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If you are a glutton for punishment, a partisan political-file, or if you had nothing better to do on Monday evening, you may have recently enjoyed the only English language debate running up to the Canadian Federal Election. As Rex Murphy assessed:

“From the perspective of simple utility, how [the debate] assisted voters to make up their minds, Monday night’s exhibition — the so-called debate — was a waste of time…

Throw in the presence of five — five — moderators and what you have is a jumble of crosstalk, interruption, pre-fab bullet points offered as spontaneous eloquence, and two hours of tangled posturing. Eleven people can’t “debate” anything. As everyone tried to grasp their few seconds of camera time, it triggered the image, frequently seen on television, of Japanese commuters being jammed by guards into already over-stuffed subway cars. Furthermore, they weren’t on stage to debate — it was far more a competition to see who could rhetorically wound one or another of the competitors than an effort to deal in any way comprehensively with the major issues of the election. This tactic [is] elegantly summarized in Bruce Carson’s The Morning Brief:

Leaders who came with pre-planned attacks or ‘drive-by smears’ ready to unload,” is actually the essence, the core dynamic, of these encounters.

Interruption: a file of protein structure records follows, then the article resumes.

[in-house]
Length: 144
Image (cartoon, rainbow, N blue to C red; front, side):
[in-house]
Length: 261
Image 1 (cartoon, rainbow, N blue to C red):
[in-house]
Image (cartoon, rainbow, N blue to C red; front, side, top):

Sickening and Shameful

Early in this election cycle Andrew Coyne noted:

“Elections are defining moments for a nation: in deciding what it stands for, it also decides who and what it is. In the present election the issue on which we are being asked, most directly, to decide where we stand is Quebec’s Bill 21: the provincial law banning public servants “in positions of authority” from wearing religious symbols on the job…

That this is actually happening, in 2019, in a province of Canada — members of religious minorities being driven from their jobs, and for no reason other than their religion — is sickening, and shameful. That shame is not reserved to Premier Francois Legault or his CAQ government, the people responsible for designing and implementing this disgraceful exercise in segregation, this manifestly cruel attempt to cleanse the province’s schools and courts of religious minorities. It is no less shaming to the rest of us, everywhere across Canada, so long as we permit it to continue.”

I am perplexed that the national political leaders (excluding of course – the separatist, Mr. Blanchet) are wary to go near this contentious issue. It took Calgary Mayor Naheed Nenshi to call out the guise of neutral secularism for what it is: terrifying. (See his interview in “It’s Terrifying” – or read his article, “There is something more threatening than Trudeau’s blackface.”).

But the reality of politics in Canada is as Marco Vigliotti writes:

“As if it needed any repeating: Canada’s second most populous province is a major battleground in this year’s vote, with the fate of almost all the major parties tied to their performances here…”